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Name: Trevor Pott

Job Title: Systems Administrator

Roaming users have requirements for offline data, as they get only infrequent chances to access the internet and thus connect to the corporate network. Unfortunately, many networks to which your users may gain access block all traffic except HTTP and SSL. Fortunately, in many cases supporting the secure synchronisation of data is possible relatively securely without the hassle of a VPN.

Outlook Anywhere (as one example) works fine over an SSL connection, and so does WebDAV. Numerous other technologies exist to solve the problem of getting information into the users’ hands with varying levels of security. Another consideration is that a significant amount of information required offline is something that can be synced to a smart phone. Some smart phones (such as Blackberries) integrate very well with corporate networks, can be easily secured and even remotely wiped in case the device is lost while containing sensitive data.

If your users have more than very sporadic access to the internet, I heartily recommend embracing Virtual Desktop infrastructure (VDI).

Sensitive information never has to leave the network, and virtual desktops can be managed far easier than (for example) a roaming user’s notebook. With the myriad of solutions available to access a given desktop over HTTP or SSL, VDI is also a solution that frequently works where VPNs are blocked. If your users can function with VDI and a secured smart phone you do not have to spend time trying to police what users can and can not do with their notebooks.

As for the question of usability; depending on bandwidth availability, RDP enhancements from companies like Wyse can do some amazing things. If you search El Reg’s back articles, you’ll find several relating to companies that are offering VDI/RDP enhancements; and IBM is even jumping in and trying to make a profit from this very concept hosted on a large scale. Internet access is ubiquitous, and you don’t need a very big pipe for a basic RDP session.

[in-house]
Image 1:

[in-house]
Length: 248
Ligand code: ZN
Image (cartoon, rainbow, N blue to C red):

VDI certainly doesn’t solve every remote access usage scenario; but it certainly simplifies things when and where it can be applied. Start with VDI in mind and ask yourself what information your roving users require that can’t be adequately served by a remote session. The more information you must remove from the network, the more you must lock down devices that can access that information. Depending on your situation, the cost of an Air Card and contract might be far less than the hassle of offline synchronization.


Name: Jon Collins

Job Title: Managing Director, Freeform Dynamics

Managing mobile or home-working desktop users can be difficult for a number of reasons, not just the lack of proximity but also (for example) that it is harder to control what is being used: external drives, printers, broadband networking can all add to the mix.

As well as remote management capabilities in the hardware we have talked previously about in relation to power, we would recommend considering two options. The first is remote desktop control software, from the likes of Citrix (GoToMyPC). With such tools you can actually use the remote desktop as though it was your own, speeding up fault diagnosis considerably – it also becomes easier to see if anything untoward has been installed.

Second, be sure that your remote management toolsets and policies tie in with your security strategy. Depending on your configuration, you may have a combination of technologies including virtual private networking (VPN), which will influence how you manage users remotely.

And speaking of security, virtualisation and thin client approaches offer a number of options when it comes to remote desktops, enabling (for example) home workers to use a locked-down virtual desktop from the likes of Becrypt. Some approaches allow for virtual machines to be “checked out” when good enough bandwidth is available, such as when visiting HQ or when working in a branch office, to ensure that the latest version is available. As a final point however, it is well worth reviewing all of the features that are available in modern operating systems and hardware platforms. A number of remote management features are available ‘out of the box’ or can be easily augmented with third-party products.


If you think you can do better, head over to the comments and let us know how you think remote workers should be managed.

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